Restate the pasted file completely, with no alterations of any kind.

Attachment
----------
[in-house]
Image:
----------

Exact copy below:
[in-house]
Image: